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If you missed our free rain garden workshops, it's not too late to learn.  Take a look at the workshop presentation, and feel free to contact Sunrise Rotary if you still have questions.  

Sunrise Rotary Vero Beach Rain Garden Workshop - How to Construct Your Own Rain Garden

Sunrise Rotary Offers Incentives for Residential Rain Gardens to help the indian river lagoon

Sunrise Rotary Vero Beach's Residential Rain Garden Incentive Program encourages property owners to install and maintain rain gardens on their property in an effort to decrease the amount of pollutants entering the Indian River Lagoon.

The incentive consists of a direct cash payment that may be used to offset any expenses related to the planning, planting and maintenance of the rain garden. Incentives are limited to properties located inside the City limits, and only one incentive is provided per property regardless of the number of rain gardens that may be located on that property. In order to be eligible for the incentive program, residential property owners are required to complete each of the following steps:

  1. Complete the Residential Rain Garden Program Application and submit it to Sunrise Rotary using the address and contact information shown on page two of the application (may also be submitted at a workshop).
  2. Attend one of the rain garden instructional workshops offered by Sunrise Rotary. Dates and locations for the workshops may be found on Sunrise Rotary’ rain garden website at It is mandatory that you sign-in at the workshop in order to qualify for the incentive. Workshops are provided at no cost, but you must register in advance. See contact information below.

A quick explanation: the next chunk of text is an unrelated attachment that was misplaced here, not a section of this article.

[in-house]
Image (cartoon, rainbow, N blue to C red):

3. At the workshop, you will receive free technical assistance to help you determine the optimal location on your property for a rain garden and help with selecting the appropriate plants for the chosen rain garden location. You will also receive advice on routing storm water to your rain garden as well as advice on rain garden maintenance.
  4. Sign a Homeowner Rain Garden Agreement and return it to Sunrise Rotary at the address shown on the Agreement form. The Agreement form is provided at the rain garden workshops. The Agreement form will ask you to indicate if you will be using one of the rain garden designs provided by Sunrise Rotary. If you are not using a standard design, you will need to provide a copy of the layout that you will be using (including a plant list) along with a completed and signed Agreement form (may also be submitted at a workshop).
  5. Register your rain garden by going to the Sunrise Rotary Rain Garden page at It is important to register the rain garden on your property. If you do not have access to the internet, please request a Rain Garden Registration Form by calling Sunrise Rotary. You may register your rain garden by completing the registration form and mailing it to the address shown on the form.  Up to three photographs (.jpg) will also be accepted for posting on the website.
  6. After registering your completed rain garden, a Sunrise Rotarian will schedule an appointment with you to inspect the garden for compliance with the standards addressed in the workshop.  At the time of inspection, the owner will be presented with a certificate of completion.